Up to standing half-lotus forward bend today, in the backyard, after richly deserved late morning sleep (up at 9 am). The gluteus medius and iliopsoas were too loaded with what Jason otherwhere called "sweet fatigue pain" and it just was NOT going to work to do a sun salutation to Utkatasana from there. That's fine, I'm used to that for home practice.
Yesterday afternoon I did a specifically backbend oriented practice; a little warm up, some baby backbends, six wheels, about eight wall-dropbacks, and I got the dropbacks good and deep again (under knee-high) but the psoas got REALLY cranky about an hour after that. This puzzle remains: the more deeply I backbend, the crankier the psoas seems to get. Wha????
This coming week should be the final one of temp work at 8:30, after which I will immediately have to find ANOTHER temp job so that I can afford July's debt. The 5:30 am wakeup has become routine, but the practice at dawn has been as minimal as anything Stella ever painted. It's HARD to practice that early.
(0v0) had a brilliant post some few back (a lot of her stuff is brilliant) about "precarite" (it's French, so pronounce the "e" like "ay" in both cases), which is, in one sense, prolonged, what you might call chronic, economic instability, a definitional economic instability. I consider myself to live in a state of precarite right now, at least until my full-time-yet-visiting gig begins in January. For the record, living in economic precarite is essentially a mix of middle-class accoutrements, mixed with downright poverty-line income. It's very bizarre. It's even weirder when you're totally overeducated and live on the poor side of town. Because American culture generally associates great education with higher social class, this not-infrequent combination of great education with poverty-line income is a real head-bender. The dialogue is something like this:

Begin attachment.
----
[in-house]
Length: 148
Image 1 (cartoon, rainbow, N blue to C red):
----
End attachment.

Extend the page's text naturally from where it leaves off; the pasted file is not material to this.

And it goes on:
"Hey, where's the ivory tower I just paid for?"
"Oh, you paid for loan debt, not an ivory tower."
"But I want my membership card! No, no wait, I don't! That's pretentious!"
"Well do you want to be brilliant-but-poor or brilliant-but-pretentious?"
"Uh..I want the best of both worlds! I want to be 'with the people' but I also want to be brilliant! I want the ivory tower to pay my way as I make art in the streets!"
That's some tongue-in-cheek, of course, but the dialogue really is something like that.
Membership in the ivory tower might reduce the terror of looking over the cliff face of student loan debt, but it comes with the price of MEMBERSHIP in the ivory tower. Essentially, my complaint here is that I feel pinned between two not-totally-appetizing incarnations of the social contract. In the one, I am nought but my loan debt. In the other, I am, as Jean-Luc Godard once put it in a different context, "trapped within the fortress." Safety comes with a lack of proximity. Harun Farocki made a famous film about this, called "Images of the World and the Inscription of War."
My home practice happens in the midst of this. Because of that, the stress of indebtedness shows MOST strongly in my outer hips, when I'm at home. My practice is "more advanced" (noting the fact that this doesn't technically matter) if I drive even EIGHT MINUTES from here to a studio, because I don't have my computer, I don't have my phone, I can't "do" anything with my indebtedness or work or need to publish or job letters or whatever, the stress drops off because I break the contact.
Taken the other way, this means that my home practice is my most psychologically and emotionally stout practice, because I have to rely on breath, bandhas and dristi to MOVE me FROM "home" (and all it connotes) to "practice" (which happens in the midst of "home" but is not permeable to it).
As soon as I'm not home, and practicing, ease comes, because I don't need to step away from the horrorshow of precarite. The step is taken via travel. In a way, this is cheating, but even I like to get in a full Primary once in a while.
Avant-garde: recently, in discussions with my partner, I've discovered that my take on avant-garde art is about historicizing the series of practices and the discourse of avant-garde. I called it "the family tree." This means that my personal taste in art isn't high in the mix of my appreciation; if it is or has been considered or can be taken to be "avant-garde," I'm inherently interested in it. This doesn't mean that I buy everything which anyone calls "avant-garde" but I'm always at least interested in something which is anti- or counter- or neo- or somesuch. The history, the politics, the manifestoes, of this creature "the avant-garde" fascinate me. Who has rebelled, or objected, or critiqued, or deviated from? I'll bring my curiosity.